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Texas and OU, Count Your Money: The Cotton Bowl's $25 Million Facelift is a Lock

The backdrop, the pageantry, the Fried Everything: There are plenty of reasons the folks at Texas and Oklahoma wouldn't mind keeping the schools' annual rivalry at the Cotton Bowl.

But these are college football guys we're talking about, so you can't underestimate the Big R. The schools split $10 million in revenue with the Red River Rivalry at the Cotton Bowl, Texas AD DeLoss Dodds told the News recently, more than they would if they moved the game back to Austin and Norman. So, yeah: They want to stay here. The sheen on their back-up jets depends on it.

But the sheen on their back-up jets also depends on happy Sooners and Longhorns fans, and that happiness depends on the very swankiest accommodations. Thus the schools' call for $25 million in spruce-ups to the Cotton Bowl, just a few years after the city shelled out $57 mil for the same purpose. Clean it up and the game stays in Dallas through 2020: That's the deal, Pete Schenkel, chairman of the State Fair of Texas' sports committee, told the City Council late yesterday.

"Do we have a signed commitment? No," he said. "We have in Texas what I would call a handshake deal. ... It's ours to lose."

If anyone on the council harbors any hesitation, they weren't saying it on mic. The whole crew basically called the $25 million a no-brainer, with only Ann Margolin and Scott Griggs even pointing out the debt implications.

"This is knocking out other dollars," Margolin said. "I'm going to support it, but I think we need to put that on the table."

Everyone else was all in, with Dwaine Caraway suggesting that the city do an even bigger round of renovations, including artificial turf that could help the stadium host more events without fear of ripping up the grass for the next event.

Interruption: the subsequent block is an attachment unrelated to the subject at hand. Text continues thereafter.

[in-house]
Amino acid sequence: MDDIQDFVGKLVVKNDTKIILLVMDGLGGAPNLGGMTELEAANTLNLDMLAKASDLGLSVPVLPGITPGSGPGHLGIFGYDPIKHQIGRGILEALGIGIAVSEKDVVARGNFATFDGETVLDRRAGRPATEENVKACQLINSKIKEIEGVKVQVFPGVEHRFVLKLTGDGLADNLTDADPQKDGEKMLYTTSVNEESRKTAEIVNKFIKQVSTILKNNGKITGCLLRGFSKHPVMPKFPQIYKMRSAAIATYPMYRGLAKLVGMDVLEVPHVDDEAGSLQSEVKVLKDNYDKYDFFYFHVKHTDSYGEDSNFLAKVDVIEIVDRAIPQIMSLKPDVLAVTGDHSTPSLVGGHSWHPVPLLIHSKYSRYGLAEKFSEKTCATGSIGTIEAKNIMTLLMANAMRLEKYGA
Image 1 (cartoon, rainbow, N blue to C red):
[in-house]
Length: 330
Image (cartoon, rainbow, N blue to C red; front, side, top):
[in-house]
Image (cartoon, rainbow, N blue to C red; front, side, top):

"We must invest in the Cotton Cowl once and for all ..." he said. "When all these folks come here, all their eyes are on our house. And we can't continue to just patch it."

Caraway was echoing a similar point made by Griggs, who noted that the city was "buying a new stadium $50 million and $25 million at a time."

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"It's like an old car that you've gotta keep taking to the shop," Caraway said. "You have to break down and do something you may not be prepared to do and buy a new car."

And where would the city find money to do that in the midst of a budget crisis?

"There are some creative ways for us to find some additional dollars," he said, vaguely. "I have some ideas, but I'm not going to put them out publicly." For some reason I'm picturing a complicated scheme to take down Las Vegas. Although felony bribery might be more fun.

The council will vote to borrow the money next week. Construction would start in January and be finished in time for next year's game, when Lee Corso is expected to christen the improved stadium with his biggest F-bomb yet.

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